• Preference will be given to one-year grants.  Multi-year grants will be considered, up to three years, but must demonstrate substantial and transformative impact.
    • Applicants should be able to identify how efforts will be sustained beyond the term of the grant.


    • Have 501(c)3 public charity status, with an IRS determination letter that is either permanent or provisional
    • Operate in Tulsa County
    • Be able to demonstrate programs and/or services focusing on Black, Indigenous, Latinx, or other People of Color
    • Be able to demonstrate budget and financial management necessary to administer and account for grant funds. Audited or CPA-prepared financial statements are preferred if available but not required.

For Applicants, preference will be given to:

    • Nonprofits with minority leadership at the executive and board level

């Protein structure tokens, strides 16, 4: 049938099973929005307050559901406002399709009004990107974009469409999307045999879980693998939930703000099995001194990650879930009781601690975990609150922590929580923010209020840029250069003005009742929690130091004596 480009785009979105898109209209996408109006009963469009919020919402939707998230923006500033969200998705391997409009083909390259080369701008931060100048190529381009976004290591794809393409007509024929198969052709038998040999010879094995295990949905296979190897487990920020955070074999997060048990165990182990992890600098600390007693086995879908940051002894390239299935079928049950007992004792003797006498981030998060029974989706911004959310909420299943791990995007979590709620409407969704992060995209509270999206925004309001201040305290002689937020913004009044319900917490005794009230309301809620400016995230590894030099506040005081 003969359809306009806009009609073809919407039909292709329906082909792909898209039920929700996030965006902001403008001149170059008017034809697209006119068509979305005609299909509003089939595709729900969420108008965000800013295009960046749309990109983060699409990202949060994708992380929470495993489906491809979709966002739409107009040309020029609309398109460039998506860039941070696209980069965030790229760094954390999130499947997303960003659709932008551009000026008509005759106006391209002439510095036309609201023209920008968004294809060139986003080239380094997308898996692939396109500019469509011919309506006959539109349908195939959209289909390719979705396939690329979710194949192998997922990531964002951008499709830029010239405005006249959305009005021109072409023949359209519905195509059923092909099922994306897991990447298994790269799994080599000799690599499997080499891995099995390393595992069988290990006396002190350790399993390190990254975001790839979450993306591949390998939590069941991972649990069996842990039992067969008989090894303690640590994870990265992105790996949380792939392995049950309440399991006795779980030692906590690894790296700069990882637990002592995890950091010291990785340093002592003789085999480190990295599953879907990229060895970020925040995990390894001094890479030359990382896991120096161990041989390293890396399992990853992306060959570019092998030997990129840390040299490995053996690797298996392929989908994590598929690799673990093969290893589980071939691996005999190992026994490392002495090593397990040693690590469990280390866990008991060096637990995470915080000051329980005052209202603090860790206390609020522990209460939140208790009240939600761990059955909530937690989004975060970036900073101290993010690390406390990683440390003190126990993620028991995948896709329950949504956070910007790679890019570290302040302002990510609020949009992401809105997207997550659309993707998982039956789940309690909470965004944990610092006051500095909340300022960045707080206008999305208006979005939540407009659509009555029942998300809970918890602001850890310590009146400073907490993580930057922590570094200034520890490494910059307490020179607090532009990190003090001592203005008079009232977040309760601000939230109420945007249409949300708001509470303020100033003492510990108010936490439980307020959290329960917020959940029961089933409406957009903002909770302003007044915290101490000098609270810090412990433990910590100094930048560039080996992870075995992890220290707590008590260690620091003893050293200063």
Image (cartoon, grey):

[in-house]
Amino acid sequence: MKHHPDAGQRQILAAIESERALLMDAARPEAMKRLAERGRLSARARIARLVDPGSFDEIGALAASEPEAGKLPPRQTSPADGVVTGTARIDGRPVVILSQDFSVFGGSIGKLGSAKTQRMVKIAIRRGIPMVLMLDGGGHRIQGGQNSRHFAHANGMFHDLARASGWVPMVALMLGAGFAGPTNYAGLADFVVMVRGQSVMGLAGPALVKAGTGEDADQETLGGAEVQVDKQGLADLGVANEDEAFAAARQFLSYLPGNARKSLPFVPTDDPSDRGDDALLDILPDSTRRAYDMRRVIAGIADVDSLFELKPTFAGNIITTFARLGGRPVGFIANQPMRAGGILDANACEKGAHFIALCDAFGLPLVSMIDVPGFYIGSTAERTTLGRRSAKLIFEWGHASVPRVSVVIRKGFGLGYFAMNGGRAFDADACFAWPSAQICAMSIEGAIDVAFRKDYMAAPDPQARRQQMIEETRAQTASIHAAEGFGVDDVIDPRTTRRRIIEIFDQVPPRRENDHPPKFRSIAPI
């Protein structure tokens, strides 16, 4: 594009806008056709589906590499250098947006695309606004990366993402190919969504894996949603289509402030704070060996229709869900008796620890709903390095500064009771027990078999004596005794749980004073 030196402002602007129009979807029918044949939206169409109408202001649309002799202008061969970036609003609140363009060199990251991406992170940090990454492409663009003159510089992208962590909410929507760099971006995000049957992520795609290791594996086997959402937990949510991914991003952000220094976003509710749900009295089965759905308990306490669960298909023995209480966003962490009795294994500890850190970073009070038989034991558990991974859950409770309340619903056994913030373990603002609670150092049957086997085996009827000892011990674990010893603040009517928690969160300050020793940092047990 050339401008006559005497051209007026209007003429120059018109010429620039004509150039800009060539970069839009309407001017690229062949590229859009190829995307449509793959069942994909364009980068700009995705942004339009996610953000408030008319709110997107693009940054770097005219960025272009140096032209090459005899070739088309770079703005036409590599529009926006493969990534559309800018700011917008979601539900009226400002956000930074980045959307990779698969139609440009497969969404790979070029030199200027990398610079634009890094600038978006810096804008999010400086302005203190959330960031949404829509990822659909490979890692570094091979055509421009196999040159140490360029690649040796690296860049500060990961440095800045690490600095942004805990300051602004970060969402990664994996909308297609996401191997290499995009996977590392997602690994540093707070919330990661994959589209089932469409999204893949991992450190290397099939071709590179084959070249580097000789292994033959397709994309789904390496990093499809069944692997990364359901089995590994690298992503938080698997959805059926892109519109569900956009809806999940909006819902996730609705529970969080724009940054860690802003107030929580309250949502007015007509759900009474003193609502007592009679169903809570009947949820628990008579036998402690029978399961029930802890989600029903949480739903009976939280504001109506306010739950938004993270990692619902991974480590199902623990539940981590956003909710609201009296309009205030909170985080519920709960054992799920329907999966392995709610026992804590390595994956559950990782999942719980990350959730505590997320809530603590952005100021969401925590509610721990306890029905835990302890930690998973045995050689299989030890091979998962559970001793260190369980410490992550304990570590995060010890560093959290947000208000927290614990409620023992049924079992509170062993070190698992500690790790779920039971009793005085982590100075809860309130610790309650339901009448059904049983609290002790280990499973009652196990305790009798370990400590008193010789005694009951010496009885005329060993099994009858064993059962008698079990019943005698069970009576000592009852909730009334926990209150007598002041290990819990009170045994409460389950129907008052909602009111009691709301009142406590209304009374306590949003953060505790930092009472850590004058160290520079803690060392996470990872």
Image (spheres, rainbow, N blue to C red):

• Nonprofits headquartered and operating in minority-majority communities of Tulsa County

Additional Application Documentation to include the following:

    • A copy of the applicant’s latest 990 tax filing, including all attachments
    • A listing of the applicant’s Board of Directors (including Board Composition)
    • A listing of the applicant’s Leadership Team (including Team Composition)
    • Financial Information, including:
      • Most Recent Audited Financial Statements and/or Fiscal-Year-Ending Financial Statements
      • Final Operating Statement, including Actual Expenditures vs. Budget
      • Organization’s budget for the current fiscal year
    • A budget for the specific project or program, with grant request identified if only part of a larger budget
    • A list of major donors from last fiscal year with grant amounts